The drawdown test consists of flowing a well at a constant rate following a shut-in period. The shut-in period should be sufficiently long for the reservoir pressure to have stabilized. The basis for the drawdown test is found in Eq. (8.40),
which predicts the pressure at any radius, r, as a function of time for a given reservoir flow system during the transient period. If r = rw, then p (r, t) will be the pressure at the wellbore. For a given reservoir system, pi, q, m, B, k, h, f, ct, and rw are constant, and Eq. (8.40) can be written as
pwf = flowing well pressure in psia
b = constant
t = time in hrs
Equation (8.56) suggests that a plot of pwf versus t on semilog graph paper would yield a straight line with slope m through the early time data that correspond with the transient time period. This is providing that the assumptions inherent in the derivation of Eq. (8.40) are met. These assumptions are the following:
1. Laminar, horizontal flow in a homogeneous reservoir.
2. Reservoir and fluid properties, k, f, h, ct, m, and B are independent of pressure.
3. Single-phase liquid flow in the transient time region.
4. Negligible pressure gradients.
The expression for the slope, Eq. (8.56), can be rearranged to solve for the capacity, kh, of the drainage area of the flowing well. If the thickness is known, then the average permeability can be obtained by Eq. (8.57):
As for Productivity Index:
The ratio of the rate of production, expressed in STB/day for liquid flow, to the pressure drawdown at the midpoint of the producing interval, is called the productivity index, symbol J.
The PI is a measure of the well potential, or the ability of the well to produce, and is a commonly measured well property. To calculate J from a production test, it is necessary to flow the well a sufficiently long time to reach pseudosteady-state flow. Only during this flow regime will the difference between and pwf be constant. It was pointed out in Section 3 that once the pseudosteady-state period had been reached, then the pressure changes at every point in the reservoir at the same rate. This is not true for the other periods, and a calculation of productivity index during other periods would not be accurate.
In some wells, the PI remains constant over a wide variation in flow rate such that the flow rate is directly proportional to the bottom-hole pressure drawdown. In other wells, at higher flow rates the linearity fails, and the PI index declines, as shown in Fig. 8.15. The cause of this decline may be (a) turbulence at increased rates of flow, (b) decrease in the permeability to oil due to presence of free gas caused by the drop in pressure at the well bore, (c) increase in oil viscosity with pressure drop below bubble point, and/or (d) reduction in permeability due to formation compressibility.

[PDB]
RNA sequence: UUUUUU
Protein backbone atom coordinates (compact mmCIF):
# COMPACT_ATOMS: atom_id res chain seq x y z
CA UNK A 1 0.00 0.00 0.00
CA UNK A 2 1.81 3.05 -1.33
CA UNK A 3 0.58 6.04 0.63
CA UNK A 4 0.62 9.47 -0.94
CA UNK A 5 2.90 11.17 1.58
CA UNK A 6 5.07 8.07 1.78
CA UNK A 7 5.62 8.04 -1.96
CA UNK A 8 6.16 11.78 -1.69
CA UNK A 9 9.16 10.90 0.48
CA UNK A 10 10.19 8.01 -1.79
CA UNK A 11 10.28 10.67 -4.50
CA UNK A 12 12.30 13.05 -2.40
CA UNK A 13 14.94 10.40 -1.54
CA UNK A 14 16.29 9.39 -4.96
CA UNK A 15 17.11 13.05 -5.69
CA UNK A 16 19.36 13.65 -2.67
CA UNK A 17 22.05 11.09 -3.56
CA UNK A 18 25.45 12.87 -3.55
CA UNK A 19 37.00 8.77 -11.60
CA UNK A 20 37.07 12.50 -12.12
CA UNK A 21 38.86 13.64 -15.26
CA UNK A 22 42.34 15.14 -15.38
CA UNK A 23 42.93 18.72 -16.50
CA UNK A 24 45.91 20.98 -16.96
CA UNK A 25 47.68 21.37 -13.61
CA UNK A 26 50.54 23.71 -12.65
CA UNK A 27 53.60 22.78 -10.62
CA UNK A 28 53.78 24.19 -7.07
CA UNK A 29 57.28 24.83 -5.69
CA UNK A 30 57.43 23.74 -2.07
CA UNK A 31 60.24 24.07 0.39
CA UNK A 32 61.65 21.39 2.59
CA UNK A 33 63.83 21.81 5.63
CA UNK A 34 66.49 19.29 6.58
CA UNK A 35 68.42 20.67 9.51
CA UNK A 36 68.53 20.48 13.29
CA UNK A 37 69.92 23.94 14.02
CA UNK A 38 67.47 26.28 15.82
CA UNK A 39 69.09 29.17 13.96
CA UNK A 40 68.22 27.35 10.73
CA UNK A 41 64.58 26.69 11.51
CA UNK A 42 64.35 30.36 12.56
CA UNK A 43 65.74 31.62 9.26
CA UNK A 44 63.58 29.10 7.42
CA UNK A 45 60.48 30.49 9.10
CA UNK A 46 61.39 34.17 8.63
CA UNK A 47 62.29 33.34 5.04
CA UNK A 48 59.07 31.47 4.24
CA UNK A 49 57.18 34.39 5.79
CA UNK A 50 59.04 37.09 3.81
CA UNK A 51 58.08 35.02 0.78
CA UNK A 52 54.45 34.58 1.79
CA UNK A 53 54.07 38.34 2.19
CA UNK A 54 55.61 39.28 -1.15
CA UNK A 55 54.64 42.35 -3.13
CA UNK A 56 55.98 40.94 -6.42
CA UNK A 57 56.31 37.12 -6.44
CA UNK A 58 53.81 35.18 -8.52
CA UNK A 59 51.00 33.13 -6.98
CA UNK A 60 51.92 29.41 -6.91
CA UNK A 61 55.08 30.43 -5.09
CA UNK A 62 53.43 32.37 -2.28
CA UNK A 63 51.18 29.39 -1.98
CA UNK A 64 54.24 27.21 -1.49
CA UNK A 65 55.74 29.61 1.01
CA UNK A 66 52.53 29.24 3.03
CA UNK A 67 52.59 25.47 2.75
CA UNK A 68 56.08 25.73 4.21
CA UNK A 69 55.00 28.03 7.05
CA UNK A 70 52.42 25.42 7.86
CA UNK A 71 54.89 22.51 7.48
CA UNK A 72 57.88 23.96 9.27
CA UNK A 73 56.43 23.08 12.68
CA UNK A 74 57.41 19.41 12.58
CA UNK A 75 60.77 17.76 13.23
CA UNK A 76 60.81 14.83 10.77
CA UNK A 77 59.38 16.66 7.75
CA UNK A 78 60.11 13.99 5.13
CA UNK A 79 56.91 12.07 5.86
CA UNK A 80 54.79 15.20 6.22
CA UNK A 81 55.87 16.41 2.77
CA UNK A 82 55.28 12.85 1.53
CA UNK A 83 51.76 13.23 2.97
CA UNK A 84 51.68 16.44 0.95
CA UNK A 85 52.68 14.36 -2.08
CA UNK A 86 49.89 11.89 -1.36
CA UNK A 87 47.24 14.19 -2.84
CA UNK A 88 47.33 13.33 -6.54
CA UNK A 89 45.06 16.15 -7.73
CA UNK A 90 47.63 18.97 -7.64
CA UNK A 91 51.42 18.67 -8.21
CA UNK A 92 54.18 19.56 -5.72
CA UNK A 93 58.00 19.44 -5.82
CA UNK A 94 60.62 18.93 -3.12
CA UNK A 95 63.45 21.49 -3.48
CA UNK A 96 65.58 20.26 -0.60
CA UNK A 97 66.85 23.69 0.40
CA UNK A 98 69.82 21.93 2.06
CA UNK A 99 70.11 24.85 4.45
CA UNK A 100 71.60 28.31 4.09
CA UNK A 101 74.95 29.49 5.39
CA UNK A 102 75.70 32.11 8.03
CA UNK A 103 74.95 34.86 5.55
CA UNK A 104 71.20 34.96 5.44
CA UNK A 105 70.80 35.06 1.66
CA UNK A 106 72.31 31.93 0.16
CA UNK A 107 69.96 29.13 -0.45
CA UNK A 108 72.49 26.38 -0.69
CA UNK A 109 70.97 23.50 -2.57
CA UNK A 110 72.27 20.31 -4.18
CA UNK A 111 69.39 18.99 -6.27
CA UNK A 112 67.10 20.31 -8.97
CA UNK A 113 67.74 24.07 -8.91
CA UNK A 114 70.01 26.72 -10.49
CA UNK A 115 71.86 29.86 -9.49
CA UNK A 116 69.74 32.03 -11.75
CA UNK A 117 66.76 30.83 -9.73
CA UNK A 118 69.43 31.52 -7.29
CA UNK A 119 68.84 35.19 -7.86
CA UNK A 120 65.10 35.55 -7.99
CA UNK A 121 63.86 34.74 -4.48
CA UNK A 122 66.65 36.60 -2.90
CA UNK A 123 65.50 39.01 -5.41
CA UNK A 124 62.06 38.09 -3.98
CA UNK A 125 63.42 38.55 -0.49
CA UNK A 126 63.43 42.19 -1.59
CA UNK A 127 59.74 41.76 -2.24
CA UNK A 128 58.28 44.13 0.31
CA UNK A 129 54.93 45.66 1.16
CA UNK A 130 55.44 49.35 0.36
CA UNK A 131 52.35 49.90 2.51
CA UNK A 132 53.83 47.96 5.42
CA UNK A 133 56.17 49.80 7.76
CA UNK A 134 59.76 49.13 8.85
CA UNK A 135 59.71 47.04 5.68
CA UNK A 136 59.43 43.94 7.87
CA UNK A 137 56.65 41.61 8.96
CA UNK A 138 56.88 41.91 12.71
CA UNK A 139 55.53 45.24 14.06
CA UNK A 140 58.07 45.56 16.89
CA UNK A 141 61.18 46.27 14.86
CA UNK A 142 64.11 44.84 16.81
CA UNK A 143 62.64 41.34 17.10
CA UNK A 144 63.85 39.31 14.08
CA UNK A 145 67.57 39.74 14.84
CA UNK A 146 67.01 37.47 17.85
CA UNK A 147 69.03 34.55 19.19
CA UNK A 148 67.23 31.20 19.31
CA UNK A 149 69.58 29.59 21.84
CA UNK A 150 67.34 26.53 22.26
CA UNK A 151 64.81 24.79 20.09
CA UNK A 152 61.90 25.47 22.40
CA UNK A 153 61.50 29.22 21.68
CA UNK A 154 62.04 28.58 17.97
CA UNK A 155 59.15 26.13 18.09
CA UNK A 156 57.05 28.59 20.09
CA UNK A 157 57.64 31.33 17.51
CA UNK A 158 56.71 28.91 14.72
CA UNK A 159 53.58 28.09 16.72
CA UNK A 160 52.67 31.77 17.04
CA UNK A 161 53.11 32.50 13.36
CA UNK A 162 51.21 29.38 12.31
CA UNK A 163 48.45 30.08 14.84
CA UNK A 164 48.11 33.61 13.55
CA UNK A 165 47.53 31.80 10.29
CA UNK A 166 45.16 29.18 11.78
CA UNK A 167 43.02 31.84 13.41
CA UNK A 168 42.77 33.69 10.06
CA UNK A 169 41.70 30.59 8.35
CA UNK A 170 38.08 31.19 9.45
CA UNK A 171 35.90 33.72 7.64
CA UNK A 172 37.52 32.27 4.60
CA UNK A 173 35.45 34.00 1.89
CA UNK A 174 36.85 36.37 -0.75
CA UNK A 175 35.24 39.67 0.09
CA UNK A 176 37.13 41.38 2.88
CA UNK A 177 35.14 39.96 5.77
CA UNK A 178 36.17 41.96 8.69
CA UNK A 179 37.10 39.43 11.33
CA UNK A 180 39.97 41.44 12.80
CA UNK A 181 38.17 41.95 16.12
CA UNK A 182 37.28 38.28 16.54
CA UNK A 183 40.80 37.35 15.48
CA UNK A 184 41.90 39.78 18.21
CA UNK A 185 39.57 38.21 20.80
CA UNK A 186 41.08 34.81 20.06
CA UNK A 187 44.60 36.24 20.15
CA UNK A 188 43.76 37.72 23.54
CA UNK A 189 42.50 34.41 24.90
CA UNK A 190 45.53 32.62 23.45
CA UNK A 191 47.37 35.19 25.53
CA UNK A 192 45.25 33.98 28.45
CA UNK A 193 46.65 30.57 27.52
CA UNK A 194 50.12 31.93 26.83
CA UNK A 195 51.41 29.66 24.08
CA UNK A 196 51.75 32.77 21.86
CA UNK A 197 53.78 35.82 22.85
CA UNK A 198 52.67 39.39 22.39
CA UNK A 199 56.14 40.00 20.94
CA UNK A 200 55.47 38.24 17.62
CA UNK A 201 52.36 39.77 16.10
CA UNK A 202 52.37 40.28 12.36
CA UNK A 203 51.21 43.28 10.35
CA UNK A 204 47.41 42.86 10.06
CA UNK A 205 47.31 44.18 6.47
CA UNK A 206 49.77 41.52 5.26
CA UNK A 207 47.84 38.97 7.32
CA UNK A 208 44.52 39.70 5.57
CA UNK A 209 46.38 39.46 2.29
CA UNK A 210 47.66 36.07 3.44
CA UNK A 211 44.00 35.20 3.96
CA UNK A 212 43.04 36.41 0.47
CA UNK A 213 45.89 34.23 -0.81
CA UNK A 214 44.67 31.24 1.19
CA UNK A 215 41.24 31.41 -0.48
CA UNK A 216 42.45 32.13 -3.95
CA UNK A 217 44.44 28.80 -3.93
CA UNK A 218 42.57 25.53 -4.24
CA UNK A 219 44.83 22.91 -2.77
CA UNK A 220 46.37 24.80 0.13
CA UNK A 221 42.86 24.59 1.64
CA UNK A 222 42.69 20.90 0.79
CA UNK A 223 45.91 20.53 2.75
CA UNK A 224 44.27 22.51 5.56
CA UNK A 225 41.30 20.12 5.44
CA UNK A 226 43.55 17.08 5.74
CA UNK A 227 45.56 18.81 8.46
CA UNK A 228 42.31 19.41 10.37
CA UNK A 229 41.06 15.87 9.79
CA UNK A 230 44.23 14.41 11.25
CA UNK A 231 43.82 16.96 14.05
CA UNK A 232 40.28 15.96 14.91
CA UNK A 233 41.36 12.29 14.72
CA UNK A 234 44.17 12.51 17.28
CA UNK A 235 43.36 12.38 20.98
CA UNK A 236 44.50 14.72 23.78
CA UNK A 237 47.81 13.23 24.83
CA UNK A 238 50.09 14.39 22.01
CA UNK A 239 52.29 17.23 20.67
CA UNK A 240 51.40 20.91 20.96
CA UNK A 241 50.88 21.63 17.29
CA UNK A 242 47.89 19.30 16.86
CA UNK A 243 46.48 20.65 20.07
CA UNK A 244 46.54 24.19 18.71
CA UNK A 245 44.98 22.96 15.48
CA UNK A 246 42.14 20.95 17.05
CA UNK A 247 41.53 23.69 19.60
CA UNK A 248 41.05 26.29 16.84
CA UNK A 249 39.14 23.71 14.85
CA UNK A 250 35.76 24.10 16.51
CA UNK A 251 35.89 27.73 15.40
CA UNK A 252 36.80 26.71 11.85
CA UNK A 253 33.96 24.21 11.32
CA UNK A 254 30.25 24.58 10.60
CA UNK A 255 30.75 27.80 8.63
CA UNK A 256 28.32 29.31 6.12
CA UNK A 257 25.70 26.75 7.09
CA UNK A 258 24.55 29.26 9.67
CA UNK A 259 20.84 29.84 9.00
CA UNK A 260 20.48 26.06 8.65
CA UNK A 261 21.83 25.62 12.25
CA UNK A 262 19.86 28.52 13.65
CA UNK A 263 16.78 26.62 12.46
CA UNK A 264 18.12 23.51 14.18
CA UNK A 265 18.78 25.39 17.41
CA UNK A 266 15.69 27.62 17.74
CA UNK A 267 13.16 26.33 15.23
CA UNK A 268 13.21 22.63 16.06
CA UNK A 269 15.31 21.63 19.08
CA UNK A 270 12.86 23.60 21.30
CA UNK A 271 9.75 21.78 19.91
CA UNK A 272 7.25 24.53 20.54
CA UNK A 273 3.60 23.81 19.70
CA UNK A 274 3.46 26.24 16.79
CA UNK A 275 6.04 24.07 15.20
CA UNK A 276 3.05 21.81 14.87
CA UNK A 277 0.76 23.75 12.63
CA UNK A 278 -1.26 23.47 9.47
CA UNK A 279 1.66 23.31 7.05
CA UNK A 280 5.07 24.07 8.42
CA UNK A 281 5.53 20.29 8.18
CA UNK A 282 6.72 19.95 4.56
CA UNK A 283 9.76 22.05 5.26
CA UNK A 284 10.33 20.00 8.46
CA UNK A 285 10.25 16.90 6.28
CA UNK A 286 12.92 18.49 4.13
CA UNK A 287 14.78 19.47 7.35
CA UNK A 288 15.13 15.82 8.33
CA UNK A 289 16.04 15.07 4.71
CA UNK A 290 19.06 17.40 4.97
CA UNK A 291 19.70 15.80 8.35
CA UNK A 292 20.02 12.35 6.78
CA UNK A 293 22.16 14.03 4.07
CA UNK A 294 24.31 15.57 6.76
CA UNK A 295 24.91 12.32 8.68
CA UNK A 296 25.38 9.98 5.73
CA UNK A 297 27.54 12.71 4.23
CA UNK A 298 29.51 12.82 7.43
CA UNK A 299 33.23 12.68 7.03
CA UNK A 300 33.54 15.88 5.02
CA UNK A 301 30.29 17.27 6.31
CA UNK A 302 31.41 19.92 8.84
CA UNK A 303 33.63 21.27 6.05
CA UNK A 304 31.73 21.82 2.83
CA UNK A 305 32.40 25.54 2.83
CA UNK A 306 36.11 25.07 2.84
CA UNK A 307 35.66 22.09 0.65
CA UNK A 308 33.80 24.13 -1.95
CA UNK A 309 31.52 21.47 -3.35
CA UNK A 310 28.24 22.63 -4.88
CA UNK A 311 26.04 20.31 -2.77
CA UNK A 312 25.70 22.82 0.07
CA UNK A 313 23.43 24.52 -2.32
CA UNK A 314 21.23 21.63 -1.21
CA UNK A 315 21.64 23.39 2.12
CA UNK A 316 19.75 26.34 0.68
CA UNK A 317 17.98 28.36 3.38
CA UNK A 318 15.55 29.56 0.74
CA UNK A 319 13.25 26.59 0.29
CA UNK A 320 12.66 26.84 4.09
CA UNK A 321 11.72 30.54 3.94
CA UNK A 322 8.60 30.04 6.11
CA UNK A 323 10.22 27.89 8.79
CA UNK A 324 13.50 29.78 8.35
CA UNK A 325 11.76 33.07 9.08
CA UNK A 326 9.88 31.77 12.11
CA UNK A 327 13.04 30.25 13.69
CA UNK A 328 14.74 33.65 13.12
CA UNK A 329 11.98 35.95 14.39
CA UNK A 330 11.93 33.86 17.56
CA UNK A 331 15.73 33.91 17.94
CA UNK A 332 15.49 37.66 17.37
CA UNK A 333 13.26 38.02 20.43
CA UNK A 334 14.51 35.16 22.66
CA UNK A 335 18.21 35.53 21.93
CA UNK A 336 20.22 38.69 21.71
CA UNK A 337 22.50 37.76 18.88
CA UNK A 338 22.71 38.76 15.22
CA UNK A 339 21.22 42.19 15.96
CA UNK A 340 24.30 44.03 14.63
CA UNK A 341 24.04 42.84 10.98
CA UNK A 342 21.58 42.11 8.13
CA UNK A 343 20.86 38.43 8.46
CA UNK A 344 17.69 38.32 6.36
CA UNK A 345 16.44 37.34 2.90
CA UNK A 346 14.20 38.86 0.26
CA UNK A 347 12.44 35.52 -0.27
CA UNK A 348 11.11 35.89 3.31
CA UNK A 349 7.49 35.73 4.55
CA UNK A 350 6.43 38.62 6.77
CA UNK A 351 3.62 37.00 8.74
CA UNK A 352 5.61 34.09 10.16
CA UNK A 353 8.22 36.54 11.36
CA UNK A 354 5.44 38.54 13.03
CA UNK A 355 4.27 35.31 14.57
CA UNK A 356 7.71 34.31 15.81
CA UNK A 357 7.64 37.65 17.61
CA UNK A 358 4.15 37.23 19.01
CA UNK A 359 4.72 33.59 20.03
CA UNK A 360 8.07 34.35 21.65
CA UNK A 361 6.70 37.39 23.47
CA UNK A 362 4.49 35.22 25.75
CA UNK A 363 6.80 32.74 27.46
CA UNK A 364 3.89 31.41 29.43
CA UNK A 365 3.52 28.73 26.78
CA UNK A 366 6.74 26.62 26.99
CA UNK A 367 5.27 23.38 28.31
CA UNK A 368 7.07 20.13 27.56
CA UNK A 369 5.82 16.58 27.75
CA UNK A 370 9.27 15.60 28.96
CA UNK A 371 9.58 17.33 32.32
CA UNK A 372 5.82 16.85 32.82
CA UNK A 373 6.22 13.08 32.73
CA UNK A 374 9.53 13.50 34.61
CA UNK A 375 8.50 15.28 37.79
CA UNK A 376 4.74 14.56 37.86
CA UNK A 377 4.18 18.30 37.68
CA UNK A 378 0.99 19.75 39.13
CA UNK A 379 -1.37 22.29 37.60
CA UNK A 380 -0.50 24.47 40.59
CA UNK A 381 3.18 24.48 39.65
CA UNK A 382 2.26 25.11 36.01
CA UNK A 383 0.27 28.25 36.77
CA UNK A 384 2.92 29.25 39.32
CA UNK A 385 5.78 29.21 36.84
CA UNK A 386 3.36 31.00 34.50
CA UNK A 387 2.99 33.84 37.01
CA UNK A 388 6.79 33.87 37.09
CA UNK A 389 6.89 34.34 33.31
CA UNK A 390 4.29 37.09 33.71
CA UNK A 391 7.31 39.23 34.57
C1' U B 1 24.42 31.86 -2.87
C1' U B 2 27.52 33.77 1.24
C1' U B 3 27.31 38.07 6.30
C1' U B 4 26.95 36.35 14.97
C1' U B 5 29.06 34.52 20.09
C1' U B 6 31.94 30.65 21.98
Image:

In depletion reservoirs, the productivity indicies of the wells decline as depletion proceeds, owing to the increase in oil viscosity as gas is released from solution and to the decrease in the permeability of the rock to oil as the oil saturation decreases. Since each of these factors may change from a few to several-fold during depletion, the PI may decline to a small fraction of the initial value. Also, as the permeability to oil decreases, there is a corresponding increase in the permeability to gas, which results in rising gas-oil ratios. The maximum rate at which a well can produce depends on the productivity index at prevailing reservoir conditions and on the available pressure drawdown. If the producing bottom-hole pressure is maintained near zero by keeping the well “pumped off,” then the available drawdown is the prevailing reservoir pressure, and the maximum rate is .
Fig. 8.15. Decline in productivity index at higher flow rates.
In wells producing water, the PI, which is based on dry oil production, declines as the water cut increases because of the decrease in oil permeability, even though there is no substantial drop in reservoir pressure. In the study of these “water wells,” it is sometimes useful to place the PI on the basis of total flow, including both oil and water, where in some cases the water cut may rise to 99% or more.
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